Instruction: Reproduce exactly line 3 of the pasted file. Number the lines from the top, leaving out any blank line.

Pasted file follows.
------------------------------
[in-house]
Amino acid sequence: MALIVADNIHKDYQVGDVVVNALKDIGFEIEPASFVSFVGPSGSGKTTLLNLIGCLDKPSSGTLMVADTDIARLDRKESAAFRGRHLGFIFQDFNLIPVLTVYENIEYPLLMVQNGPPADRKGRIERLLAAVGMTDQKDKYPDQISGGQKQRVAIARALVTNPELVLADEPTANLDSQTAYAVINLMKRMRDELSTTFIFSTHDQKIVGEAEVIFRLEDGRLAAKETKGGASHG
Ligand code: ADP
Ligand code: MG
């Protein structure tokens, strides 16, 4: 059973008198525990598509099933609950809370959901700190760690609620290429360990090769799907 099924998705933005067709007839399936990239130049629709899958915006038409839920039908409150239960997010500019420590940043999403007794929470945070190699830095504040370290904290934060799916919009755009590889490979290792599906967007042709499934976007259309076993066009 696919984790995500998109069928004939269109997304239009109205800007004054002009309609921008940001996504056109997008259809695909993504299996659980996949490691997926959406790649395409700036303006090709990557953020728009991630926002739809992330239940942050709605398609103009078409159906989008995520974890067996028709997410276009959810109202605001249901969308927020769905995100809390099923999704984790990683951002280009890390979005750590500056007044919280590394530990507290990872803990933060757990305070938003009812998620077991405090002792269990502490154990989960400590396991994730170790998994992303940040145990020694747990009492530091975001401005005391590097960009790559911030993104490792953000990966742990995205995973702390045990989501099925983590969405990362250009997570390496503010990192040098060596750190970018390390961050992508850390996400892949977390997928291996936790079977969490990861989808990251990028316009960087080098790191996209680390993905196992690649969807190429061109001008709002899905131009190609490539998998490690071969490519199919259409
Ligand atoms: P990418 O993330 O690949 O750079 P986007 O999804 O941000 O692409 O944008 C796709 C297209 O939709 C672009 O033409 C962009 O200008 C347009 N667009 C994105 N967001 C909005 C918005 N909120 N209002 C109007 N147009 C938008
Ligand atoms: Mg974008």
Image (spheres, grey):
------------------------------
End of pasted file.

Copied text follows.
Ligand code: ADP